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FSU FIN 3403 - An Introduction to Finance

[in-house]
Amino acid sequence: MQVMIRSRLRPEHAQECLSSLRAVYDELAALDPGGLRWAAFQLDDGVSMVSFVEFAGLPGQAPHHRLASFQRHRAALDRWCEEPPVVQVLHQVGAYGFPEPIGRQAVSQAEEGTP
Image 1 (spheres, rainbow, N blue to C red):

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An Introduction to Finance- Economics: allocation of scarce resources with alternative useso Finance (part of economics): way individuals and businesses raise, allocate, and manage monetary resources Four areas- Corporate Finance (decisions the firm makes)- Investments (Asset Pricing)- Financial Institutions- International Finance Exclusively future oriented Risk and Return are positively related- Who’s who?o Chief Financial Officer (CFO): top manager within firmo Treasurer: oversees cash management, credit management, capital expenditures, and financial planningo Controller: oversees taxes, cost accounting, financial accounting and data processing (normally a CPA)- Capital Structureo How to pay- Capital managemento Day-to-day responsibilities- Forms of Business Organizationso Sole Proprietorship Single owner/Single employee- Ex. Contractor Advantages- Easy to start- Little regulations- Keep all profits- Taxed once as personal income Disadvantages- Limited to life of owner- Equity capital limited to owner’s personal wealth- Unlimited liability (legal issues)- Difficult to sell ownership interestso Partnership General and limited liabilities Examples: Law Firms, Accounting Firms Advantages- Have more than one owner- More capital available- Easy to start (partnership agreement)- Income taxed once as personal incomeo Based on personal income tax rates Disadvantages- Unlimited liability, general partnership and limited partnershipo General: managing partner (unlimited legal liability)o Limited: only lose what you have invested into company- Partnerships dissolve when one partner dies or decides to sell (harder to sell)- Difficult to transfer ownershipo Corporations Advantages- Limited liability (amount you invested in—decreases risks)- Unlimited life (own legal entity)- Separation of ownership and management- Transfer of ownerships is easy (high liquid)- Easier to raise capitalo More stable Disadvantages- Separation of ownership and managemento Can’t oversee day-to-day operations- Double taxation (income taxed at the corporate rate andthen dividends taxed at the personal rate) on corporate profits- Goal of Financial Managemento Maximize stock price Stock values reflect current and future (long-term) interests of the firmo Agency relationships Principal hire an agent to represent his/her interests Stockholders (principal) hire managers (agents) to run company and act on principal’s behalfo Agency problems Conflict in interests between principal and agent- Agent incentive although its not in the principal’s best interest- Managing managerso Managerial compensation (manager pay)o Incentives can be used to align management and stockholder interests(stock for managers incentive)o Incentives needs to be structuredo Corporate control (board of directors)o Threat of takeover may result in better managemento Other stakeholders Since goal is to grow stake wealth- Financial Markers (access of money)o Cash flow to the firmo Primary market: sell bonds and receive money Firms receive benefits (ex. IPO-Sell company shares)o Secondary: all transactions that happen after initial transactions (trade between individuals—doesn’t affect companyChapter 2- Financial Statements availableo Balance Sheet Snapshot of firms assets and liabilities at a given point of time- Assets are listed in order of decreasing liquidityo Liquidity: ease of conversion to cash (how easy to sell something) without loss in value Formula (Balance Sheet Identity) - Total Assets= Total liabilities + stockholder equityo Current assets: highly liquid (convert in less thana year)o Fixed assets: Tangible and Intangible (convert in more than a year) Tangible: objects Intangible: patent o Net Working Capital NWC = Current Assets – Current liabilities - Positive when cash that will be received over the next 12 months exceed cash paid out (indicate financially healthy firm)o Liquidity (Current vs. Fixed) Ability to convert to cash quickly (ability to sell)- Low liquidity (hard to sell): take discount on price in order to sell faster Liquid firms are less likely to experience financial distress- But liquid assets typically earn a lower return because itis easer to sello Trade-off to find balance between liquid and illiquid assets Illiquid assets produce higher return due to their risk- Book value vs. Market valueo Book value: on balance sheet (value) of assets, liabilities, and equity (includes depreciation of value on books)o Market value: price at which assets, liabilities, or equity can actually be bought or sold Generally Market value is more important for firms- Income Statemento Idea of cash coming into a firm Generally report revenues first and then deduct any expenses for period- Matching principle: GAAP says to show revenue when it accrues and match the expenses required to generate the revenue.o Formula: Net income = Net sales – Cost of Goods Sold – Deprecation = EBIT (Earning before interest and taxes) o EBIT – Interest paid = Taxable incomeo Taxable income – taxes = Net income - Taxeso Marginal vs. Average tax rates  Marginal tax rates: percentage paid on next dollar earned; would the next dollar you make affect the tax bracket you are in Average tax rates: tax bill/ taxable incomeo Other Taxes  State Local (city or town) Corporate progressive taxes- Increase tax rates when one makes more income- 8 categorieso Range from 15% to 39 % for corporationso Average tax rates max out at 35% Government has incentives on corporate taxes; may actually pay a different tax rate Smooth increase for average compared to marginal- Marginal rate very important when making decision (especially for new projects)o Example: Firm earns $4 million in taxable income What is the taxable liability? (Total paid in taxes)—use tax bracket sheet- 50,000(.34)+25,000(.25)+25,000(.34)+235,000(.39)+3,665,000(.34)=1,360,000 What is the Marginal tax rate? If the company got paid one extra dollar what would it affect the tax bracket- 34% What is the Average Tax rate: Taxable liability/ Total Income (earned)- 1,360,000/4,000,000= 34%- Cash Flowo One of the most important pieces of information that financial managers can derive from financial statemento The statement of cash flows does not provide us with same information that we are looking foro We will look at how cash is generated from utilizing assets and how it is paid to